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Data protection

Web applications often need to protect data, so that it can be stored in cookies or other storages. BlackSheep uses itsdangerous to sign and encrypt information, for example when storing claims obtained from id_tokens when using an integration with an identity provider using OpenID Connect, or when handling session cookies.

This page documents:

  • How to handle secrets
  • Examples use of data protection

🚀 New in version 1.2.1

How to handle secrets

Symmetric encryption is used to sign and encrypt information in several scenarios. This means that BlackSheep applications need secrets to protect sensitive data in some circumstances. When keys are not specified, they are generated automatically in memory when the application starts, for best user's experience.

This means that keys are not persisted when applications restart, and not consistent when multiple instances of the same application are deployed across regions, or within a same server. This is acceptable during local development, but should not be the case in production environments.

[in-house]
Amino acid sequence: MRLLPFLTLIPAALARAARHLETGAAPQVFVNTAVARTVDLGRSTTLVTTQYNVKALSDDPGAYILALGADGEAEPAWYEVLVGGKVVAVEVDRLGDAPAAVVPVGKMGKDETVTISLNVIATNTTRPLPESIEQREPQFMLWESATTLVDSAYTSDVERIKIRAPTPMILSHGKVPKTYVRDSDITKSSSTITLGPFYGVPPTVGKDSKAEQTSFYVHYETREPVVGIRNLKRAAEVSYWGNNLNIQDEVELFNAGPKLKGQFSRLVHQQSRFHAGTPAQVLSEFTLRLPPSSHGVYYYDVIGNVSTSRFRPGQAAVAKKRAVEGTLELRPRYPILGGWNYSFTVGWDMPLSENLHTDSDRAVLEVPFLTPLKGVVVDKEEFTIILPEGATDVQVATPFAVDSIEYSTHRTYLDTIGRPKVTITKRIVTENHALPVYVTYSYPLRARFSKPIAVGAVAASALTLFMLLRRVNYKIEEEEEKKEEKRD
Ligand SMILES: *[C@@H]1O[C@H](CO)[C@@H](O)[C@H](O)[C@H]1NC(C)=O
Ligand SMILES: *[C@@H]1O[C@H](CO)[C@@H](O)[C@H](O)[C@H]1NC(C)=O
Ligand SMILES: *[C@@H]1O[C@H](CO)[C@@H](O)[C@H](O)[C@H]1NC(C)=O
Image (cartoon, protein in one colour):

To use consistent keys, configure one or more environment variables like the following:

  • APP_SECRET_1="***"
  • APP_SECRET_2="***"
  • APP_SECRET_3="***"

Keys can be configured in a host environment, or fetched from a dedicated service such as AWS Secrets Manager or Azure Key Vault at application start-up, and configured as environment settings for the application. DO NOT store secrets that are meant to be used in production under source control.

Example

from blacksheep.server.dataprotection import get_serializer


serializer = get_serializer(purpose="example")

token = serializer.dumps({"id": 1, "message": "This will be kept secret"})

print(token)

data = serializer.loads(token)

print(data)